(CBS/AP) The new One World Trade Center - under construction on the site of the original World Trade Center, destroyed in the 9/11 terror attacks - has surpassed the height of the Empire State Building to become New York City's tallest building.
Workers erected steel columns that make the unfinished frame of the building a little more than 1,250 feet high - the level of the Empire State Building's highest observation deck.
The tower still isn't as high as the antenna that sits on the Empire State Building, but when complete will stand at 1,368 feet, beating out the midtown skyscraper that was for decades the world's tallest. When counting a 408-foot-tall antenna spire that will sit on its roof, the "Freedom Tower" will measures 1,776 feet.
Discounting the antenna, it will still be the second-highest building in the U.S., after the Willis Tower in Chicago. (Experts usually don't count antennas or flagpoles when measuring building height.)
Completed in 1931, the Empire State Building was the tallest free-standing structure in the world until 1967 (when Moscow's Ostankino Tower was completed), and lost its status as New York City's tallest building when the original World Trade Center (at 1,368 feet high, plus a 359-foot antenna) was completed in 1972.
Now it is being demoted again.
Experts and architects have long disagreed about where to stop measuring super-tall buildings outfitted with masts, spires and antennas that extend far above the roof.
If the Empire State Building were measured from the sidewalk to the tip of its needle-like antenna, it actually stands 1,454 feet high, well above One World Trade Center's elevation today.
Purists, though, say antennas (which can be attached or removed) shouldn't count. The Empire State Building didn't even get its distinctive antenna until 1952.
Unlike antennas, record-keepers like spires. It's a tradition that harkens back to a time when the tallest buildings in many European cities were cathedrals. Groups like the Chicago-based Council on Tall Buildings and Urban Habitats, and Emporis, a building data provider in Germany, both count spires when measuring the total height of a building, even if that spire happens to look exactly like an antenna.
"Height is complicated," said Council spokesman Nathaniel Hollister.
This quirk in the record books has benefited buildings like Chicago's recently-opened Trump International Hotel and Tower. It is routinely listed as being between 119 to 139 feet taller than the Empire State Building, thanks to the antenna-like mast that sits on its roof, even though the average person, looking at the two buildings side by side, would probably judge the New York skyscraper to be taller.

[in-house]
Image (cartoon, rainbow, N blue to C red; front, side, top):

The same factors apply to measuring the height of One World Trade Center.
Designs call for the tower's roof to stand at 1,368 feet — the same height as the north tower of the original World Trade Center. The building's roof will be topped with a 408-foot, cable-stayed mast, making the total height of the structure a symbolic 1,776 feet.
So is that needle an antenna or a spire?
"Not sure," wrote Steve Coleman, a spokesman for the Port Authority of New York and New Jersey, which owns the building.
The needle will, indeed, function as a broadcast antenna. It is described on the Port Authority's website as an antenna. On the other hand, the structure will have more meat to it than your average antenna, with external cladding encasing the broadcast mast.
As for the world's tallest building, the undisputed champion is the Burj Khalifa, in Dubai, which opened in 2010 and reaches 2,717 feet.
Mayor Michael Bloomberg told CBS Station WCBS it has been a collaborative effort: "Lots of people deserve credit, it's taken a long time. But this is probably the most complex construction site any place, ever."
As the new World Trade Center claims bragging rights for the city's tallest, the New York Post reports that on Monday night the tower will be lit up blue-and-white, characterizing the color scheme (according to unnamed sources) as a pointed dig at the Empire State Building's controversial rejection in 2010 of illuminating the building in honor of the 100th birthday of Mother Teresa.
The Empire State Building's owners declined comment, and instead told the Post, "The world's most famous office building, the ancestor of all super-tall towers, welcomes our newer, taller cousin to the skyline."
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